Follow this link to the survey – closing date 1 November.

Hawker House Canada Water

Hawker House – the street food emporium in the former WHAT!!! stores building at Canada Water – successfully retained its licence after a hearing at Southwark’s licensing sub-committee on Monday. Read all the committee documents – including neighbour objections – here.

Hawker House is part of Street Feast, whose founder Jonathan Downey has made outspoken comments about the local residents who objected to the licence being renewed.

Downtown Pond

The Fields in Trust UK’s Best Park Award is now open for a public vote to select the nation’s favourite local park.

A total of 64 of London’s cherished green spaces – including Russia Dock Woodland and Southwark Park – are featured in the 360 UK-wide nominations each a much-loved part its local community. Now it is time to choose the winners via an online public vote at www.fieldsintrust.org/bestpark/london

The latest plans for the redevelopment of the former biscuit factory and college sites in Bermondsey have been revealed by Grosvenor, nearly four years after the Duke of Westminster’s company first became a local landowner.

Grosvenor says that its £500 million plan, designed by architects Kohn Pedersen Fox Associates, incorporates a permanent home for Compass School Southwark, over 10,000m2 of new office space and 10,000m2 of retail, culture, leisure, community and food and drink uses; alongside 25,000m2 of new and improved streetscapes and playspace, 140 new planted trees and 400m2 of new public lawns.

“We are sharing today our detailed ambitions to create one of the capital’s greatest, mixed
neighbourhoods hosting 1,350 new rental homes for locals and Londoners,” said Katherine Rodgers, development firector of Grosvenor Britain & Ireland.

“We want to see a growing district that is inclusive and physically integrated, with historic buildings retained and new commercial spaces, local amenities and public spaces created.

“We have spent four years getting to know Bermondsey, its people and its communities
and want to help knit together the best of Bermondsey with an investment and long-term
legacy that generates local opportunities and can respond to changing demand.”

The proposals are on show for the next three days and a planning application will be submitted to Southwark Council later this month.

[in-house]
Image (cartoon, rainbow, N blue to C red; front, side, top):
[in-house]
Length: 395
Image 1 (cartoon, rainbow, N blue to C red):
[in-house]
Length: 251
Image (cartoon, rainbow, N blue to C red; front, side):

Transport for London has launched a public consultation on plans for a new segregated cycle route from Tower Bridge to Greenwich via Jamaica Road.

The scheme launched this week includes changes to the Rotherhithe roundabout, but plans for Lower Road won’t be revealed until next year.

The Mayor of London, Sadiq Khan, said: “I’m delighted to be able to announce plans to bring more than 4km of segregated cycle lanes to south-east London. We need more Londoners to cycle and walk for the good of their health and our air quality, and that’s why we’re working so hard make cycling safer and easier right across the capital. By bringing this route to an area of such high demand, this superhighway really will open up cycling to thousands more Londoners.”

Will Norman, London’s Walking and Cycling Commissioner, said: “I’m so pleased that we can share our plans for Cycle Superhighway 4 just one week after announcing Cycle Superhighway 9. These new routes are a key part of our work to make cycling more accessible across London and will add more than 10km of segregated lanes to the capital’s roads. South-east London is an area of huge cycling potential so I know that CS4 will make a real difference to so many cyclists and budding riders by providing a safe segregated route that links straight into our growing cycling network.”

The Cycle Superhighway 4 consultation ends on 19 November. Further information can be found at: www.tfl.gov.uk/cs4

Consultation materials are now on show at both Blue Anchor Library and Canada Water Library, and public exhibitions will be held at the Finnish Church in Albion Street on  Wednesday 25 October and Saturday 4 November.